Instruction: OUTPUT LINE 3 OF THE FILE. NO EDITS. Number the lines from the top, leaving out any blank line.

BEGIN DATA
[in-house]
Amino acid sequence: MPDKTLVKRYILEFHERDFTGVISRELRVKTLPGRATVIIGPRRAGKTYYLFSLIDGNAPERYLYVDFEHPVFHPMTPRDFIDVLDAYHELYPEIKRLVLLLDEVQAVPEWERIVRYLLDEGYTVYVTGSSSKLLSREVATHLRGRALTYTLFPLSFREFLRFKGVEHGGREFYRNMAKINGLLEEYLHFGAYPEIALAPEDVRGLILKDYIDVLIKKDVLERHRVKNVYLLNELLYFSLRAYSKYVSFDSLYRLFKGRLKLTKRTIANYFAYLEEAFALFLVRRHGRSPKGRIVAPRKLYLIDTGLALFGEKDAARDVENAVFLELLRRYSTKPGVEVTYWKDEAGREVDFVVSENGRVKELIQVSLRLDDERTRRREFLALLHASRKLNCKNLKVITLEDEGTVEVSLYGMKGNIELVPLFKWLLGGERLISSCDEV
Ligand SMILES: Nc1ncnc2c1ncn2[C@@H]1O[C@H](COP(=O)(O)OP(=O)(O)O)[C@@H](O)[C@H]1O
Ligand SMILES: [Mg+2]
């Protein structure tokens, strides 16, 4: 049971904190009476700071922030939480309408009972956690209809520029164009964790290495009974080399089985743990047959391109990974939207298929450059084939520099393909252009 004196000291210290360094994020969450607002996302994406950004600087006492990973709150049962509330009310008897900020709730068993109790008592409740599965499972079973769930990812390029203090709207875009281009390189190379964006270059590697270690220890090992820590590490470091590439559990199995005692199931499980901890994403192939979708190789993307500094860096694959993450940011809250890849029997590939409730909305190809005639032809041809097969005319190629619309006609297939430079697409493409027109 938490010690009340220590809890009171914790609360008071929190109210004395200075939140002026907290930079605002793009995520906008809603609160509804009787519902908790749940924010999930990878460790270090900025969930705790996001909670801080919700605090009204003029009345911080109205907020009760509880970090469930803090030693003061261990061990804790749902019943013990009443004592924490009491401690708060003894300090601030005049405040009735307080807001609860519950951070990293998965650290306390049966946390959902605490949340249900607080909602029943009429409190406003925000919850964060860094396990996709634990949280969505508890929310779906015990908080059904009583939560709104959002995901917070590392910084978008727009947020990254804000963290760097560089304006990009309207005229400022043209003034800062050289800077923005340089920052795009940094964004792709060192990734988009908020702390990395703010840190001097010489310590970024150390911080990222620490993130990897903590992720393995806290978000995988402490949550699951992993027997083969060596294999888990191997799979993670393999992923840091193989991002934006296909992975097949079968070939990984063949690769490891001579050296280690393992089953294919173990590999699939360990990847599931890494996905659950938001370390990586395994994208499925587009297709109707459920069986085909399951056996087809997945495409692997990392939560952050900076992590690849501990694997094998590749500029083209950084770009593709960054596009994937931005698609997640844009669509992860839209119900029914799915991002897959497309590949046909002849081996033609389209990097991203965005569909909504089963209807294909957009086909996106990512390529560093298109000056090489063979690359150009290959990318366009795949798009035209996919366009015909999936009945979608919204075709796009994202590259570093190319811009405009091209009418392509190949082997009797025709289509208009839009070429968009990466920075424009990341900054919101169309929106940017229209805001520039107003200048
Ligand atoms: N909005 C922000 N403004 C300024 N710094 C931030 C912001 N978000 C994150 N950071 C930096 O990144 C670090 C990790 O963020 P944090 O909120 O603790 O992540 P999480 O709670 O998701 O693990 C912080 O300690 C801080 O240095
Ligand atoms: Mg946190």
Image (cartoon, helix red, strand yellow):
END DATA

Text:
Ligand SMILES: Nc1ncnc2c1ncn2[C@@H]1O[C@H](COP(=O)(O)OP(=O)(O)O)[C@@H](O)[C@H]1O